TORONTO (Reuters) - Bank of Canada Governor David Dodge said on Thursday the drop in the Canadian dollar during the past month has put it back in a range the bank thought made sense in its economic forecasts.
Since hitting a modern-day high of US$1.1039 on November 7, the Canadian dollar has fallen about 11 percent and is much closer to the central bank’s 98 U.S. cent level assumed in its recent economic forecasts.
At 11:30 a.m. (1630 GMT), the Canadian dollar was at 98.57 U.S. cents, valuing a U.S. dollar at C$1.0145.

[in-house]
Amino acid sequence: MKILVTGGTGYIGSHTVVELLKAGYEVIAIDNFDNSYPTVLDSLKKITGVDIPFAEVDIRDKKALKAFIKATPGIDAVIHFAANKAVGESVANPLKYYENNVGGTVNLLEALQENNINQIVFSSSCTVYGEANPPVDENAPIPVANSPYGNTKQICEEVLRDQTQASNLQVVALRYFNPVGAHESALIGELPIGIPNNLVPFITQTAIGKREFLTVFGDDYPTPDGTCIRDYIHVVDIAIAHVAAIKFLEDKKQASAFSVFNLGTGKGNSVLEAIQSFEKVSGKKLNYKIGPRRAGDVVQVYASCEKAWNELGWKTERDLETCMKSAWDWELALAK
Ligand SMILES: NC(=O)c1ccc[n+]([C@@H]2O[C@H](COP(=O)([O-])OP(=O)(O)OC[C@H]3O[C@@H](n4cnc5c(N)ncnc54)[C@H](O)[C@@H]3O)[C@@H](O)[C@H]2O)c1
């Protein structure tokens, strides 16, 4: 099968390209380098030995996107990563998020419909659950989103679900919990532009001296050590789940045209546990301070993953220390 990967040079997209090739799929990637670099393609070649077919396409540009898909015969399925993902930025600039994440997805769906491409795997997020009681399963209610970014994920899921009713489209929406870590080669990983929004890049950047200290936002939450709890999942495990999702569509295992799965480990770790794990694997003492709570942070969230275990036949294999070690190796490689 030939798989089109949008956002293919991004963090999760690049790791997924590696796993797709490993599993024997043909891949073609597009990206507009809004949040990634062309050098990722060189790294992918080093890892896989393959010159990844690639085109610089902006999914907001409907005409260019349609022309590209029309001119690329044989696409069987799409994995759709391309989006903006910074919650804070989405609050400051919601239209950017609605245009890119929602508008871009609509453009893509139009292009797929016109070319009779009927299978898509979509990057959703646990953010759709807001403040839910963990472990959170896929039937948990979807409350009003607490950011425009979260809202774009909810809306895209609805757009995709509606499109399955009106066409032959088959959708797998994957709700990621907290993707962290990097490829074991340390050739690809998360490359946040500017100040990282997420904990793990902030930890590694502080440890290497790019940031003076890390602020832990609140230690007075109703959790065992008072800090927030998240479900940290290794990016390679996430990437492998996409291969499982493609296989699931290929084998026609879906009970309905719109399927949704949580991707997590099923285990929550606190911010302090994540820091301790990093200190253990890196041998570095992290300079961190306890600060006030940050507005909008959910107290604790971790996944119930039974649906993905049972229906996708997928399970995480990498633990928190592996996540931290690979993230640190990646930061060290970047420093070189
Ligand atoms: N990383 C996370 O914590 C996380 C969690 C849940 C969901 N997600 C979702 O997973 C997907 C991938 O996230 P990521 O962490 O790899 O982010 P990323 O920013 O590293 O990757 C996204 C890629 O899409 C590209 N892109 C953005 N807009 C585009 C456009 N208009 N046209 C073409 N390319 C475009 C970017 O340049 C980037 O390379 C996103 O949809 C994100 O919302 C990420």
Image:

The rapid rise in the Canadian dollar was supported by a slew of factors that included robust domestic economic data, lofty commodity prices and a generally weaker U.S. currency.
But a drop in oil prices from record levels, a sudden wave of softer domestic data and a Bank of Canada rate cut this week have yanked the currency back below parity with the greenback.
Dodge, along with Bank of Canada Deputy Governor Paul Jenkins, made his comments to the Standing Senate Committee on Banking, Trade and Commerce.
Reporting by Frank Pingue; Editing by Rob Wilson